Friday, September 4, 2009

Don't get convicted in Texas

Last night, I read David Grann's profoundly disturbing article "Trial By Fire" in the New Yorker. An investigation into the arrest, trial, conviction, and execution of Cameron Willingham, Grann makes a remarkably strong case that the unthinkable has happened -- that the State of Texas put to death an innocent man. What's worse is that in a state other than Texas, there's a good chance that Cameron Willingham would still be alive, if not a free man.

Willingham was tried and convicted in the 1991 deaths of his three children, accused of setting fire to his home while his wife was out and the children were asleep. The conviction rested largely on the testimony of an assistant fire chief and a deputy arson investigator. Their commentary, along with the statements of two psychologists who never actually met or spoke with Willingham, were sufficient to lead the jury to a guilty verdict and hand down the death penalty.

Looking at several reports that were commissioned in recent years to examine the Willingham case, however, Grann eviscerates the "expert" arson investigators whose testimony directly led to Willingham's execution:
Nearly two years later, the Innocence Project commissioned Lentini and three other top fire investigators to conduct an independent review of the arson evidence in the Willingham case. The panel concluded that “each and every one” of the indicators of arson had been “scientifically proven to be invalid.”

In 2005, Texas established a government commission to investigate allegations of error and misconduct by forensic scientists. The first cases that are being reviewed by the commission are those of Willingham and Willis. In mid-August, the noted fire scientist Craig Beyler, who was hired by the commission, completed his investigation. In a scathing report, he concluded that investigators in the Willingham case had no scientific basis for claiming that the fire was arson, ignored evidence that contradicted their theory, had no comprehension of flashover and fire dynamics, relied on discredited folklore, and failed to eliminate potential accidental or alternative causes of the fire. He said that Vasquez’s approach seemed to deny “rational reasoning” and was more “characteristic of mystics or psychics.” What’s more, Beyler determined that the investigation violated, as he put it to me, “not only the standards of today but even of the time period.”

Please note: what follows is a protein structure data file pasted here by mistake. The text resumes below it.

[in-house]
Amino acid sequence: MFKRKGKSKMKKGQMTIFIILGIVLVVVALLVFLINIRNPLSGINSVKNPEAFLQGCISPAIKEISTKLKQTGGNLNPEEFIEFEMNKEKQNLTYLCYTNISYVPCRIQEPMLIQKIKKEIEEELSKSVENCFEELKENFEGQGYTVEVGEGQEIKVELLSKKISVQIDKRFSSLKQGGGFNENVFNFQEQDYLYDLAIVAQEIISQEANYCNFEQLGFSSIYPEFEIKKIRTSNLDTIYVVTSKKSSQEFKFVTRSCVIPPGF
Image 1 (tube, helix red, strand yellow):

What's almost as tragic as the use of such disastrously flawed "evidence" to convict and then execute a man is the case Grann makes for how skewed in favor of death the Texas penal system is right now. Reading the article, I was aghast at the callous and indifferent attitude of officials who have the ultimate responsibility for whether or not someone lives or dies:
  • Judge Sharon Keller, now facing charges of judicial misconduct, refused to allow a clerk's office to remain open for an additional 15 minutes to permit defense attorneys to submit a petition for a stay of execution for another inmate following a U.S. Supreme Court ruling that very day that directly applied to the Texas inmate's case. The inmate was executed hours later.
  • A scientific report submitted to the Board of Pardons and Paroles and demolishing the prosecution's case against Willingham was apparently never even read by members of the Board, one of whom remarked, "We get all kinds of reports, but we don’t have the mechanisms to vet them" despite the fact that according to that same member of the Board, they are tasked with ensuring that before an execution occurs that there are "no glaring errors."
What does this add up to? 439 executions in Texas between 1976 and 2009 with the trend line accelerating (33 in the 1980s, 166 in the 1990s, and 240 thus far in the 2000s).

I guess comedian Ron What wasn't actually joking when he declared "Texas has the death penalty and we use it! Other states are trying to abolish the death penalty. My state's putting in an express lane."

I've always had somewhat mixed feelings about the death penalty. In virtually all cases, I'm opposed though I suppose that there could be extreme situations in which I could be convinced it would be justified. Maybe. The issue is that execution is irrevocable. There's no option for "oops!" You can't take a mulligan. There's no additional appeal. If you're wrong, you can never take it back.

Former Supreme Court Justice referred to the execution of an innocent person as "a constitutionally intolerable event". On the flip side, Justice Antonin Scalia, that paragon of compassion, declared that there has not been “a single case—not one—in which it is clear that a person was executed for a crime he did not commit. If such an event had occurred in recent years, we would not have to hunt for it; the innocent’s name would be shouted from the rooftops.”

Sadly, David Grann's article and the diligent work of arson investigators basing their work on scientific analysis appear to make a compelling case that the State of Texas did indeed execute an innocent man in the face of evidence that he was innocent, a profoundly wrong and irrevocable action.

Perhaps it will be Cameron Willingham's name that will be shouted from the rooftops, hopefully somewhere within earshot of Antonin Scalia, Sharon Keller, Texas Governor Rick Perry, and the members of the Texas Pardons and Parole Board.

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